Terminology

Before diving too deeply into this topic, we must examine some of the fundamental terms to be used in this discussion. By drawing careful distinctions now, and adhering to these definitions, we can avoid later confusion. Specifically, we must note what we mean when we use words such as paradigm, ideology, approach, or methodology. We need to clarify each of these definitions because people absorb terms in different ways, based in large part on where and when they come to them. We must have like conceptions of these words to proceed.

The term paradigm, as we typically understand it, comes from Thomas S. Kuhn's The Structure of The Structure of Scientific Revolutions Scientific Revolutions. Kuhn philosophizes on the physical sciences, but much of what he says can be and has been applied to fields in the humanitites as well. He initially defines paradigms as "universally recognized scientific achievements that for a time provide model problems and solutions to a community of practitioners."1 A paradigm sets up the way that researchers view and do their work. Kuhn elaborates on the subject by explaining two key aspects of a paradigm. First, he says they "attract an enduring group of adherents away from competing modes of scientific activities." Second, a paradigm must be "sufficiently open-ended to leave all sorts of problems for the redefined group of practitioners to resolve."2 A new paradigm, then, does not merely influence the ways people do their current work. Instead, it collects a group of people who work on new questions from a new vantage point. The new paradigm helps establish the problems, and means of solutions that will occupy the new practitioners. Gene Wise adds that "a paradigm expresses that community's consensus on some part of nature" and "offers identity and group solidarity."3 A paradigm, essentially, unites a group of like-thinking individuals, and proposes questions and routes to answers. The belief that many scholars worked under that there is an American mind that can be expressed in the art of great thinkers and that scrutinous readings and examinations could reveal this mind represents a paradigm.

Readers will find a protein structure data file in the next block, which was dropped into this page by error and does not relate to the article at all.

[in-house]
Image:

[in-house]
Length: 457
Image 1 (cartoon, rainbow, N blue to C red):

Wise also considers something he calls an explanation-form, a variant on the concept of paradigm. An "explanation-form" describes a mode of work undertaken by people who share a similar perspective, but do not quite unite in the same ways people would under a paradigm. Under a paradigm, people believe that their form is "not simply a way of looking at reality" but that this form is reality.4 Moreover, a paradigm, to Wise, forms a tighter community, and is established institutionally.5 Wise offers important thoughts on these ideas, but for our purposes, we will stick with the term paradigm as defined by Kuhn. This definition will allow a simpler, more coherent discussion, but we should keep Wise's distinctions in the back of our minds.

Sacvan Bercovitch
Sacvan Bercovitch
The term ideology presents us with another form of nuance. Sacvan Bercovitch writes, "I mean by ideology the ground and texture of consensus.... the system of interlinked ideas, symbols, and beliefs by which a culture any culture seeks to justify and perpetuate itself."6 An ideology represents more than just the scientific paradigmatic approach to research. It contains the cultural and structural codes under which people work, but it does not include the problem-creating and -solving aspects of the work, nor is it based on a specific scholarly worldview.

We must also have a working understanding of the word approach. By this word, I mean the group of attitudes, processes, and techniques that one employs in a given enterprise. An approach is the means by which we achieve an objective. Our mental and emotional relationship to our enterprise constitutes a vital aspect of approach. The methodology we use in reaching our objective also makes up part of our approach.

A methodology is a way of approaching work within a given paradigm and ideology. People can also apply a methodology in various paradigms and distinct fields of study. It is not paradigmatic because it does not create questions or unite groups under a specific rubric of study. A methodology presents a systematic approach to presenting work. The process I describe in detail throughout this project represents a type of methodology.

Throughout my explanations, we need to keep these terms distinct in our minds, and use them with precision. Sometimes comments will apply to only one category, but sometimes they will apply to several. In each case, I will use the only and all the necessary terminology.



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1Kuhn, Thomas S. The Structure of Scientific Revolutions. 3rd ed. Chicago: The University of Chicago Press, 1996, p. x.

2Kuhn, p. 10.

3Wise, Gene. American Historical Explanations: A Strategy for Grounded Inquiry. 2nd ed, rev. Minneapolis: University of Minnesota Press, 1980, p. 124.

4Wise, p. 129.

5Wise, p. 129.

6Bercovitch, Sacvan. "The Problem of Ideology in American Literary History." Critical Inquiry 12 (1986), p. 635.